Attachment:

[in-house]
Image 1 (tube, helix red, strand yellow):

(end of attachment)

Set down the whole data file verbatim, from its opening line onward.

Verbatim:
[in-house]
Image 1 (tube, helix red, strand yellow):